A change of state government in 2012 saw the end of these arrangements and a far less proactive focus on ecologically sustainable development overall. An evaluation of the SEQ Healthy Country Partnership concluded that a strategic management group with an independent chair was required to undertake strategic and long range planning and program management of river restoration (29). The group requires adequate resourcing with a program director and operational staff and enhanced Indigenous engagement and inclusion in implementation.
Progress towards Principle 7 receives two stars.
Principle 8. It must be capable of resolving conflicts but more importantly managing potential conflicts before they arise.
Statutory land use planning across the region and within the catchments is embedded in the legal system, hence land use conflicts tend to be resolved through the legal system with varying opportunities for mediation before such matters reach the courts. Whilst scientific evidence has been injected into this process to varying degrees, there is clearly room to improve the employment of a science-based and participatory approach to land use planning in order to assist in managing conflicts before they arise.
In many respects this principle also calls for a move towards a proactive planning process as opposed to the reactionary processes that currently dominate most planning practices. Improved planning practices that embrace higher levels of citizen engagement and collaboration can serve to assist in identifying and managing potential conflicts before they arise. These levels of engagement also enhance the community’s capacity to understand the planning process and the trade-offs that sometimes need to be made to achieve regional outcomes such as enhanced water quality in Moreton Bay. Whilst statutory land use planning has some way to go towards these standards of engagement, recent NRM planning practices are designed to manage potential conflicts before they arise and have achieved improved levels of community engagement.
Progress towards Principle 8 receives two and a half stars.
Principle 9. It should be an open and transparent planning process that achieves and retains the confidence of all participants.
The sheer weight of consultation processes and change that occurs in a heavily populated and dynamic region such as SEQ not only exhausts the community but contributes to vision fatigue. This can stem from the lack of a clear understanding of what a consultation process can actually achieve given that those in power are often driven by an outcome that meets the objectives of legislation or departmental strategic goals. The community’s trust in consultation and planning processes has been eroded as a result of the perceived lack of ownership and transparency.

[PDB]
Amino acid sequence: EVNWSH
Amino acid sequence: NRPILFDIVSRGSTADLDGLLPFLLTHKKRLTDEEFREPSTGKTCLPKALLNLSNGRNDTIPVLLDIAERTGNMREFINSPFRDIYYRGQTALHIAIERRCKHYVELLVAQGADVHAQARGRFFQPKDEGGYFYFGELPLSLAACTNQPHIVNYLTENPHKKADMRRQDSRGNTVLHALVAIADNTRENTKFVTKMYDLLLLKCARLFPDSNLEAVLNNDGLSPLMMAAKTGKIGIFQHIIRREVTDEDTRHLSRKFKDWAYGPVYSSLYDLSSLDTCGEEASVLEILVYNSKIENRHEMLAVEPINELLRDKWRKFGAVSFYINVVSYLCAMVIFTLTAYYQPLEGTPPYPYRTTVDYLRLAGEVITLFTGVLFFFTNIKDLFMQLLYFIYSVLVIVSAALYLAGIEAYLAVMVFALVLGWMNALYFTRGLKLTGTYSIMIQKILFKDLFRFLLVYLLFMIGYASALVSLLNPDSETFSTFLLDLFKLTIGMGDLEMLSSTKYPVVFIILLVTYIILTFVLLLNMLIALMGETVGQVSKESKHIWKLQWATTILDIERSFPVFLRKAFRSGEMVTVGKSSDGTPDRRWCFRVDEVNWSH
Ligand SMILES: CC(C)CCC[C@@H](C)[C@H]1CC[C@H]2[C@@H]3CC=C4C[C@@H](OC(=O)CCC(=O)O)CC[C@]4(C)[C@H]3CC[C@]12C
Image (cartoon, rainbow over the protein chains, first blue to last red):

The development of progressive versions of the SEQ NRM Plan over time employed a variety of engagement tool kits depending on the available funding and governance arrangements. As communities became more comfortable with the knowledge of the role their communities and sub-catchments played in the regional water cycle, input became more informed. The SEQ NRM Plan process conducted community and industry roundtables in each sub-catchment, which provided a vehicle to recognise local issues in the context of the regional jigsaw puzzle. Citizen science and local knowledge were actively sought and valued as an input to the evidence that drove planning and investment through this process.
Progress towards Principle 9 receives two stars.
Principle 10. It should be capable of producing a viable range of alternative options.
Traditional approaches to NRM and catchment management should not be the only pathway to achieving our vision for the Bay. Viable alternatives consistent with the vision should be nurtured and allowed to take shape. Despite a framework as mapped by Low Choy (1) not materialising in the past 20 years, there have been a number of significant routes charted to get us back on course. Many including the SEQ Citizen Senates have been described in this paper.